Get candid with Jesus   V. 1-6

So here is what the Bible challenges us to do first: Get clean, or get candid, with Jesus. That word candid means taking your mask off and just being vulnerable and just being real with Jesus.


Now, you have this picture, three-step process of salvation. It always works like this in the Bible; it always works like this in a human’s life. The first step is that you get to the point where you recognize, “Ooh, there’s something ugly inside of me that I can’t fix.” It’s admitting your dependence on God, and you can’t get to that point until you get honest with what you’re seeing in the mirror. That’s what God challenges his people to do right out of the gate. Amos, chapter nine, starting in verse one says. 


I saw the Lord standing beside the altar, and he said:Strike the capitals of the pillars so that the thresholds shake; knock them down on the heads of all the people. Then I will kill the rest of them with the sword. None of those who flee will get away; none of the fugitives will escape. 2 If they dig down to Sheol, from there my hand will take them; if they climb up to heaven, from there I will bring them down. 3 If they hide on the top of Carmel, from there I will track them down and seize them; if they conceal themselves from my sight on the sea floor, from there I will command the sea serpent to bite them. 4 And if they are driven by their enemies into captivity, from there I will command the sword to kill them. I will keep my eye on them for harm and not for good. 5 The Lord, the God of Armies— he touches the earth; it melts, and all who dwell in it mourn; all of it rises like the Nile and subsides like the Nile of Egypt. 6 He builds his upper chambers in the heavens and lays the foundation of his vault on the earth. He summons the water of the sea and pours it out over the surface of the earth. The Lord is his name.

Amos is trying to tell people how sovereign our God is. Church, I want to tell you something that you already know, but I need you to remember this. The promises of God are only as good as the power of God. And if there was a place that you could run to, that God wasn’t, or didn’t have power over, then his promises couldn’t reach you in that place. Amos is trying to say, “Listen Israel, you’ve made some mistakes. You’ve messed up. God is going to deal with you. And by the way, before this is over with, God is going to rescue you back to himself. But don’t think that you can run away and hide from him, because there’s literally nowhere in the universe that you could go. You can’t run far enough to escape Him.”


And I would also add, you can’t run far enough to escape yourself and your own sin. So I’m saying it again: Instead of running from Jesus when you’ve messed up and made some mistakes in your life, get candid with him and run to him. 


The Bible says that God is going to cause an earthquake. This is the earthquake with a prominent pronoun there, the big THE, the earthquake that hits the land of Egypt about 762 BC. And here’s what he says: “The capital pillars are going to shake.” And what you see is the capital of a pillar, this giant part at the top of a large pillar [image shown]. And the Bible says, “Not only is it going to shake, but it’s going to fall down.”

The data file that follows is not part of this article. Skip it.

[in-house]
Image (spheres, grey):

What Amos is describing is total destruction, because when it falls from the top, and there’s going to be nothing left as it makes its way down. The capital pillars are going to shake, and this thing is going to rumble. And there is nothing that anyone can do to survive the destruction. You can’t run far enough. You can’t hide anywhere to survive the destruction. So instead of running away from God, really what Amos is saying is, “Why don’t you just run to him?” 


This is a giant earthquake that Amos describes, and it happens not long after he writes this book. In the Christian calendar, all over the world, people are celebrating what’s called Palm Sunday, a week’s worth of preparation leading up to Easter.


One of the prominent events in the Bible that happened on what’s called Good Friday is another earthquake. It’s an earthquake that was very localized and very specialized. And God uses this earthquake to strip away everything that Israel has been trusting in. Israel went and built temples on mountaintops and worshiped false gods there. And God says, “I’m going to make the earth rumble, and those temples are going to crush in on themselves. And everything that you’ve been trusting in, except for me, is all going to become rubble around you.” 


The same thing happened the very moment that Jesus died on the cross on Good Friday. The Bible describes an earthquake. It’s a very unusual earthquake, because this earthquake affects God’s temple in Jerusalem.


And inside the temple, there is this large, very thick, very heavy curtain that separates what’s called the Most Holy Place, the place where God is thought to dwell personally, and then the rest of the temple. Even the priest couldn’t go behind that curtain. Only one man, one day a year, could ever enter behind that curtain. He would go into God’s presence, and he would ask God for forgiveness for the sins of his people. Only the High Priest on the day of atonement, could go behind that curtain. 


And on the moment that Jesus dies, God himself causes an earthquake to rip the temple curtain open. I think what the Bible is describing is God stepping out from the Most Holy place. And now he makes himself available to you because of the blood of his Son, the death of his Son on the cross. Now, sinful men like me, now somebody who’s made some mistakes in their life, like you, can be made clean.


And I’m begging you, when you’ve messed up, don’t run from him; run to him. It starts by pulling your mask down and just getting real, just getting candid with Jesus.